Direct numerical simulation is used to study a round turbulent jet in a laminar crossflow. The ratio of bulk jet velocity to free-stream crossflow velocity is 5.7 and the Reynolds number based on the bulk jet velocity and the jet exit diameter is 5000. The mean velocity and turbulent intensities from the simulations are compared to data from the experiments by Su & Mungal (2004) and good agreement is observed. Additional quantities, not available from experiments, are presented. Turbulent kinetic energy budgets are computed for this flow. Examination of the budgets shows that the near field is far from a state of turbulent equilibrium - especially along the jet edges. Also - in the near field - peak kinetic energy production is observed close to the leading edge, while peak dissipation is observed toward the trailing edge of the jet. The results are used to comment upon the difficulty involved in predicting this flow using RANS computations. There exist regions in this flow where the pressure transport term, neglected by some models and poorly modelled by others, is significant. And past the jet exit, the flow is not close to established canonical flows on which most models appear to be based.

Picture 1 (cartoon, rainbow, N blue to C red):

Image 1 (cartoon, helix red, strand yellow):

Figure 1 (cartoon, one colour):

Bibliographical noteFunding Information:
This work was supported by the National Science Foundation under grant CTS– 0133837. Computer time was provided by the National Center for Supercomputing Applications (NCSA), Minnesota Supercomputing Institute (MSI) and the San Diego Supercomputer Center (SDSC). The authors thank professors Godfrey Mungal and Lester Su for providing their experimental data and for useful discussions.